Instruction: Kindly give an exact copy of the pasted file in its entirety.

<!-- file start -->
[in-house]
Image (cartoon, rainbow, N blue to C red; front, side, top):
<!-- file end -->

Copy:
[in-house]
Image (cartoon, rainbow, N blue to C red; front, side, top):